So we know DGKE disease patients have an aHUS like illness, It is caused by TMA. It has a lesser morbidity than aHUS but it does not have a specific treatment.

DKGE is also implicated in Nephrotic Syndrome . Although there are several causes of NS, Membranous nephropathy is one and is a kidney disorder resulting from thickening membranes within the glomeruli. The thickening is due to deposits made by the immune system. It can be associated with other medical conditions, such as lupus, hepatitis B, malaria and cancer, or it can occur for no known reason, One reason not mentioned is a DGKE mutation. Not surprising.

DGKE is an ultra rare disease much rarer than the collective aHUS cohort, 70 and 4000 incident patients respectively estimated worldwide annually. Nephrotic Syndrome incidence is 20 to 70 per million or between 156,000 and 546,000. Membranous Nephropathy patients incidence is less, 8 to 10 per million, roughly 62,400 to 78,000 patients annually. MPGN incidence is nearer aHUS and DGKE patients are almost as likely to have MPGN like clinical symptoms as they are of having aHUS.

aHUS is going through a name change process. DGKE disease is only aHUS like. In its analysis of Chrisoph Aiger Group classification of TMAs ( click HERE) this is what Global Action thought of where DGKE mutation patients rested on any reclassification.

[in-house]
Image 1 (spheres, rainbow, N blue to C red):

DGKE variant:  

DGKE plays a part in controlling the coagulation system and clotting. When it does not function as it should, a prothrombotic state can follow which can lead to TMA. It is not a part of Complement and not treatable with eculizumab but it has been regarded as an aHUS. Inclusion in “new aHUS” is as open as it is for MMACHC TMA.

Nephrotic Syndrome and MPGN patient organisations are unlikely to be concerned about DGKE as they have such big numbers to advocate for that a cohort of 70 people will hardly register among tens or hundreds of thousands.

Although the scale is less aHUS patient organisations have not necessarily advocated for DGKE patients; neither raising awareness nor concern about an apparent unmet medical need. A specific treatment for DGKE TMA presents a challenge. Firstly, in there being clinical trials and then if something clinically effective is discovered how high a price will it be, Complement inhibitors for aHUS cost more than $500,000 per individual patient in albeit a rare market that is more one hundred times the size of DGKE patients.

DGKE patients gravitate towards the aHUS community but there is little to be found that is relevant to them other than TMA.

Although globally there may be 70 incidents each year many DGKE patients survive the onset. Over 20 years say, a prevalent patient population of 1500 could accrue many of whom need no treatment. A fraction of which is enough to create a specific patient community within the TMA family but with their own issues and identity and a drive to create their own awareness.

aHUS platforms can help create an embryonic DGKε Syndrome patient movement for a group of people with one genetic problem but two diseases.

Article No. 473

Leave a Reply